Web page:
. USA Tech CEOs are back in DC to pledge (again) that they’ll handle it
By Our International
USA Congress grilled the chief executives of several big USA tech companies this week, including Meta CEO Mark Zuckerberg, about potential harms from their products on teens. Until now, the social platforms have largely had the same response: We’ll help teens and families make smart decisions themselves.
In Africa its even worse as there are no deliberate measures and regulations barring children from accessing adult content on their phones or learning gadgets like cheap tablet computers. Child safety advocates in Uganda have previously reported that children are exposed to unwanted nudity , outright pornography and criminal advances by adults for sex .
But now, in USA there is growing claims that social media can hurt young users, including worries that it risks driving them to depression or even suicide, online safety advocates say that response falls far short. And with a presidential election looming — and state lawmakers stealing the spotlight from their federal counterparts — Congress is set to press tech companies to go beyond the tools they’ve rolled out in the past.
The chief executives of TikTok, Snap, Discord and X are set to testified alongside Zuckerberg at Wednesday’s Senate Judiciary Committee hearing. For some, including X CEO Linda Yaccarino, Snap CEO Evan Spiegel and Discord CEO Jason Citron, Wednesday’s hearing marked their first-ever testimony in front of Congress.
Many of the tech CEOs are likely to use Wednesday’s hearing to tout tools and policies to protect children and give parents more control over their kids’ online experiences.
Some companies, such as Snap and Discord, told the media they plan to distance themselves from the likes of Meta by emphasizing they do not focus on serving users algorithmically recommended content in potentially addictive or harmful ways.
However, parents and online safety advocacy groups say many of the tools released by social media platforms don’t go far enough — largely leaving the job of protecting teens up to parents and, in some cases, the young users themselves — and that tech platforms can no longer be left to self-regulate.
“What the committee needs to do is to push these executives to commit to major changes, especially to disconnect their advertising and marketing systems from services that are known to attract and target youth,” said Jeff Chester, executive director of online consumer protection nonprofit the Center for Digital Democracy.
And the proliferation of generative artificial intelligence tools — which can give bad actors new ways to create and spread malicious content on social media — only raises the stakes for ensuring tech platforms have safety features built in by default.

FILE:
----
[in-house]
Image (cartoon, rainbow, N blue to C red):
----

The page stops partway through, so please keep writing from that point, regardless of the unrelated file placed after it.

Are the kids alright?
Several major platforms — including Meta, Snapchat, Discord and TikTok — have rolled out oversight tools that allow parents to link their accounts to their teens’ to get information about how they’re using the platforms and have some control over their experience.
Some platforms, such as Instagram and TikTok, also introduced “take a break” reminders or screentime limits for teens and tweaked their algorithms to avoid sending teens down rabbit holes of harmful content, such as self harm or eating disorder media.
This month Meta announced a proposed blueprint for federal legislation calling for app stores, not social media companies, to verify users’ ages and enforce an age minimum.
Meta also unveiled a slew of new youth safety efforts that included hiding “age-inappropriate content” such as posts discussing self-harm and eating disorders from teens’ Instagram feeds and stories; prompting teens to turn on more restrictive security settings on its apps; a “nighttime nudge” that encourages teen users to stop scrolling on Instagram late at night; and changing teens’ default privacy settings to restrict people they don’t follow or aren’t connected to from sending them direct.
Online safety experts say that some of the new updates, such as restrictions on adult strangers messaging teens, are welcome changes, but that others still put too much pressure on parents to keep their kids safe.
Some also say the fact that it has taken platforms years, in some cases, to make relatively basic safety updates is a sign the companies can no longer be trusted to regulate themselves.
“It shouldn’t have taken a decade of predators grooming children on Instagram, it shouldn’t have taken massively embarrassing … lawsuits, it shouldn’t have taken Mark Zuckerberg being hauled before Congress next week,” for Meta and other platforms to make such changes, said Josh Golin, executive director of nonprofit children’s safety group Fairplay.
For their part, Meta and other platforms have said they’re aiming to walk a fine line: trying to keep young users safe without too strongly imposing views about what content is or isn’t appropriate for them to view
, and instead aiming to empower parents to make those judgment calls.
As efforts to rein in tech platforms have ground to a standstill on Capitol Hill, much of the momentum for regulating social media has picked up outside the halls of Congress.
In recent years, Arkansas, Louisiana, Ohio, Utah, and others have passed laws restricting social media for teens, in many cases by establishing a minimum age for social media use or by requiring a tech platform to obtain parental consent before creating accounts for minors.
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